More highly educated females were significantly less likely to have IFG or diabetes in our study, but only highly educated (undergraduate or above) males were less likely to be diabetes. An earlier study in Kuwaiti adults also showed that higher education level was associated with a significant reduction in blood glucose levels . Furthermore, a lower education level has been found to be associated increased likelihood of diabetes among Bahrainis , Omanis  and Iranians . It is possible that those who were more highly educated may have greater awareness of the risk factors of hyperglycemia and diabetes, and thus more likely to practice more effective preventing measures. However, higher education had no significant impact on IFG prevalence in Kuwaiti males implying that they are either less aware of the risk factors of hyperglycemia.
The prevalence rates indicate that both males and females who were exercising were possibly less likely to be diabetic than those who were not exercising. However, the results (odds ratio) were not statistically significant when adjusted for other confounders including BMI supporting excess body weight as the primary risk factor. Kuwaitis who participate in even moderate exercise have been shown to have delayed weight gain with age . In a recent study we have also reported that the Kuwaiti males who exercised were significantly less likely to be obese . Since we do not have any information on the duration and intensity of the exercise it is difficult interpret the present findings.
We found that both males and females who were smokers were significantly less likely to have IGF than non-smokers even when adjusted for age and BMI, though no significant association between smoking and diabetes was observed. Studies from UAE  and Qatar  showed that smokers were more likely to be diabetic than non-smokers, while a longitudinal study in Iranian adults found no association with smoking and incidence of diabetes . It is important to note that most prospective studies have shown higher risk of diabetes for smokers, especially those who smoke more than 1 packet per day . Unfortunately, in the present study we do not have information on the frequency/intensity and duration of the smoking. Further, it should be noted that smoking may not be a protective for IFG. Since the study is cross sectional, no cause and effect could be determined.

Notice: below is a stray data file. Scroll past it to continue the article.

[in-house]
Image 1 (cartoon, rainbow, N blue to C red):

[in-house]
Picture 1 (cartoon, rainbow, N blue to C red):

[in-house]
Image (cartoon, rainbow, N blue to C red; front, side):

This study has a number of limitations. The prevalences of IFG and diabetes were estimated by single measurement of blood glucose using Accutrend GCT, which could introduce some errors. However, given that the survey included a relatively large population-based sample it is unlikely that the true prevalence will be different than that we have reported here. Further, in the present study those with known diabetes (those taking oral agents or insulin) were excluded. It is possible that this number has been increasing over time with more attention to diabetes and its treatment by Physicians, and thus our estimation of diabetes might have underestimated the prevalence in recent years, but the prevalence is still alarmingly high. Given its cross-sectional nature no causal relationship of socio-demographic and lifestyle factors with IFG and diabetes prevalence can be established. There was no information on the frequency/intensity and duration of the smoking and exercise pattern. More carefully designed studies that capture lifetime exercise, smoking and food intakes are needed to explore these potential associations between lifestyle factors and hyperglycemia. While efforts were made to obtain representative samples, the KNSS uses convenience sampling and thus the results of the present may not be representative of the wider population. Nevertheless, the main strength of this study is that it includes a relatively large population-based sample so it is likely that the true situation will not be different, on the whole, than reported here.